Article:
MSI: Container Shipping Industry Sailing in Uncharted Waters
The latest phase of mass consolidation continues to see the container shipping industry sailing in uncharted waters and has emphasized the extent to which liner companies are having to restructure their business models in order to survive, according to Maritime Strategies International (MSI).
MSI said that the actions taken by liner companies, both in terms of consolidating service provision and also redelivering chartered tonnage, mean that the worst of the downturn is over for the globally competitive operators.
However, much of the self-help being undertaken by the liner industry is piling pressure onto the already beleaguered charter owners. The recovery in freight rates has been in part a result of the redelivery and subsequent idling of vessels under charter owner control, whilst the consolidation of liner capacity implies the potential for greater operating efficiency and a concomitant reduction in demand for vessels.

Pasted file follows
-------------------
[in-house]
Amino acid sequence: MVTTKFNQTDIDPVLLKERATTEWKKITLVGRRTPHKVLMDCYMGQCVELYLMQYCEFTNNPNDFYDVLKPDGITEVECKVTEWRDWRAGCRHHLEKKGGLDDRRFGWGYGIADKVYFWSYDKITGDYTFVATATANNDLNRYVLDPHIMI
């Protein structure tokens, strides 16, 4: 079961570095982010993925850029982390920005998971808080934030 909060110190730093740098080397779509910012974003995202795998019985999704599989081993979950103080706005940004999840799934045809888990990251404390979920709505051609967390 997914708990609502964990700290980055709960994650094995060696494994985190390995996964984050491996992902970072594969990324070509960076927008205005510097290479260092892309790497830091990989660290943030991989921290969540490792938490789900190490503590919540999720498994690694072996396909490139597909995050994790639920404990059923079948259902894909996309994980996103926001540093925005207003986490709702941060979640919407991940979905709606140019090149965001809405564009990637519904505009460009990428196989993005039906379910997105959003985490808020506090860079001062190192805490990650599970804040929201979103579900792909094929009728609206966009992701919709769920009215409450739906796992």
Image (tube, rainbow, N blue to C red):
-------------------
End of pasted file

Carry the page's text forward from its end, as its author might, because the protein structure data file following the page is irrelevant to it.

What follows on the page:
“Overlaid on this negative backdrop is, in our view at least, a greater commitment to action with banks increasingly prepared to take haircuts to get values to reasonable levels,” James Frew, MSI Senior Analyst, said.
“Owners have now been pushed past simply using hope as a strategy for recovery and instead are looking at alternatives,” Frew added.
This restructuring and recapitalisation of the industry is being complemented by the textbook approach of heavy scrapping and scarce new orders. In this respect the industry appears to be doing what it can to help itself, but it remains to be seen whether this will be sufficient, MSI noted. Ultimately, the industry requires trade growth to dig itself out of the hole, but in the short term the dynamics favour liner companies over charter owners.
“If maintained and if accompanied by a sustained recovery in demand, this trend will lay the foundations for a gradual recovery in earnings post-2017,” Frew said, adding that “behind the headline trends persistent obstacles to reducing supply remain in place, whilst 2017 scheduled deliveries remain a major roadblock to a swifter recovery.”